2022 Annual Letter

2022 Annual Letter

Hello again old friend (and new)!

A few changes to my annual letter.

First, I've moved away from Mailchimp and over to the open-source blogging platform, Ghost. Low-key, I hate Mailchimp, and don't need all the marketing bells and whistles. Also, you might be receiving this for the first time because Mailchimp probably didn't make it past your inbox before.

Second, my annual letter is now open to the public (so you can read the last few letters if you missed them), but if you're receiving this, I've manually added you into the "annual letter" subscription on my website and will receive one email per year.

Third, I've been told how many people look forward to this letter from me every year, and wish that I sent more updates (thank you!). I'm going to blog more this upcoming year so if you want those updates to your email, feel free to subscribe to the "all new posts" option (go to www.westleydang.com and hit Subscribe).

Happy 2023!

Updates in numbers

  • 5-year relationship ended in September, and I'm single again. (Comedic relief on what 5 years mean). Jokes aside, a lot of learnings from the aftermath, some of which are below.
  • 3 grandparents have passed away this year, prompting the thought that family and friends are important, and I should spend more money and time to nurture these relationships.
  • 2, the number of times I contracted COVID this year, and I'm learning now that I do not do well with respiratory illnesses. The cough keeps lingering for months on end, and it impacts my overall physical health because I can't exercise.
  • 1, my first incorporated business that I'm thinking of starting... a simple camper van rental. It would be fun to learn the small business stuff firsthand.

Personal Essays brewing (coming in 2023)

  • People have asked me whether I am more or less optimistic about climate, now that I'm working in funding climate-mitigating technologies. I'm generally pessimistic about our future. Largely because of the biodiversity blindspot (you should read Elizabeth Kolbert's The Sixth Extinction) and a possible unforeseen cliff in our natural ecosystems, and also the underweighting of climate-related migration patterns on geopolitical stability that snowball into bigger societal issues. BUT there are also a lot of innovations to be excited about thanks to synthetic biology: sustainable aviation fuels, microbes to restore degraded soil, a better way to produce foods (like meat, cheese, chocolate) that 90% less carbon intensive. They're not going to save us, but it will do some mitigation. I staunchly believe that technology is much cheaper than political will for changing behavior, and that ideological purity tests are not what we need in emergencies like these. I will explore my reserved pessimism in this essay.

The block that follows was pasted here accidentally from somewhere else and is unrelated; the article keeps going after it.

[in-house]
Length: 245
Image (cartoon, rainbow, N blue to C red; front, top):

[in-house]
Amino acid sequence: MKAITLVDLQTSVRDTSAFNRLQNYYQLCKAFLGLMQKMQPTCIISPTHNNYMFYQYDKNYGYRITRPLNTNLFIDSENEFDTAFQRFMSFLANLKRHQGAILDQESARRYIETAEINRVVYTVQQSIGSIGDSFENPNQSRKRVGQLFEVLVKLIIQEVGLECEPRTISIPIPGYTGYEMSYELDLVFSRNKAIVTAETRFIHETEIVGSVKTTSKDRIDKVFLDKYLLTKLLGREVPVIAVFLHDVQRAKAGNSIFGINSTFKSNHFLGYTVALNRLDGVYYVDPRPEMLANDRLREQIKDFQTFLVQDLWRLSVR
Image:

• The jester/joker has been a new muse for me after a significant life event. I'm brought back to myself five years ago when I was more playful with the universe rather than actively pushing and preparing 'against' it. My synthesis: Life is like a series of jokes, and if things suck right now, it's because we haven't reached the punch line yet. It's better to see everything through the lens of play.
He is enlightened who joins in this play knowing it as play, for man suffers only because he takes seriously what the gods made for fun. - Alan Watts
  • I've become a 'human doing' and less of a 'human being', which is not good. It feels like everything I do has to fulfill some utility function, without just 'being' or doing for the sake of doing. You might think that "being present" is the antidote, but it's not: Being present as an objective is an objective in itself. "I should rest" or "I should be present" is a hidden, second-order form of "I must do this." I'm trying to figure out the solution living completely carefree, which is paradoxical, because un-doing the 'doing' is a form of doing (and perhaps the fact that I'm thinking too hard about this is going the wrong direction!). I'm seeking answers by revisiting the Tao Te Ching and the concept of wu wei, but I hope to articulate it well enough to myself that I can finally share it.